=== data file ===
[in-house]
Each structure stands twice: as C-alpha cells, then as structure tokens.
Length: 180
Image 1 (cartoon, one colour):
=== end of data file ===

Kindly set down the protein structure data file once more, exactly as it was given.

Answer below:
[in-house]
Each structure stands twice: as C-alpha cells, then as structure tokens.
Length: 180
Image 1 (cartoon, one colour):